If you owe financial obligations from your divorce other than your child or spousal support, Chapter 13 can discharge them.

Divorce Financial Obligations Bankruptcy deals with debts. In certain very specific and often crucial ways it can help you with debts arising out of your divorce. But it does not get into the non-financial obligations like child custody and visitation and other parenting rights issues, or other non-financial disputes with your…

Making Sense of Utah Bankruptcy: Curing Child and Spousal Support Arrearage

Unlike Chapter 7 “straight bankruptcy,” a Utah Chapter 13 can legally prevent your ex-spouse/support enforcement from chasing you and your Utah assets.   In this “Making Sense” series, we’re helping you understand bankruptcy by explaining its main concepts through single sentences. Today’s sentence: Only Chapter 13 can stop your ex-spouse or support enforcement agency from very aggressively pursuing you, and can give you a reasonable time to cure your support arrearage, if you follow the rules. The Special “Automatic Stay” As Applied to Support The “automatic stay” is the part of federal bankruptcy law that strictly prevents creditors from pursuing…

Utah’s New Year Resolution #5: Solve Your Child or Spousal Support Arrearage Problem, Permanently

Support enforcement collection methods used against you can be very powerful. Fight back with something even stronger–Chapter 7 or 13.   An Especially Vicious Cycle Falling behind on child and/or support payments creates an especially vicious cycle of debt. That’s because the law gives your ex-spouse and the support enforcers extremely powerful weapons against you. Once you fall behind, extraordinary collection pressures can be put on you, means of intimidation that are way beyond what other creditors, and even tax collectors, can do. Support enforcement laws differ somewhat state to state. But in all or most states, besides your wages…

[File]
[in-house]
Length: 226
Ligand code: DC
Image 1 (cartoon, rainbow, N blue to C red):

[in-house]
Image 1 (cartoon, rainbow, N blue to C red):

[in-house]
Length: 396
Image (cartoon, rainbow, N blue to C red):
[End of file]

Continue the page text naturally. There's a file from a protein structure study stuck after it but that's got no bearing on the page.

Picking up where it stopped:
Crucial Question for our Cache Valley Clients: Can Bankruptcy Help with Child and Spousal Support Arrearage?

Chapter 13 protects you while you catch up on support, unlike Chapter 7.   Chapter 7’s Very Limited Help Regular Chapter 7 bankruptcy does only one thing to help if you are behind on your child or spousal support payments: it gets rid of your other debts so that you can better catch up on the support. If you are behind and your ex-spouse or the local support enforcement is starting to garnish your wages or bank accounts, or is threatening to take away your driver’s license, or your occupational or professional license, this is the only way that Chapter…

Crucial Question for Logan Utah Clients: Can Chapter 7 “Straight Bankruptcy” Help with My Support Obligations?

A regular Chapter 7 case can help you pay your support obligation in a limited but straightforward way. Is it enough for what you need or is Chapter 13 necessary?    Child and Spousal Support: Ways Chapter 7 Does NOT Help As our last blog post made clear, support obligations are an extraordinary type of debt which cannot be discharged (legally written off) with any kind of bankruptcy. One of the most important other tools of bankruptcy—the  “automatic stay,” which prevents creditors from pursuing you and your assets, also does not apply to support obligations under Chapter 7, as to either…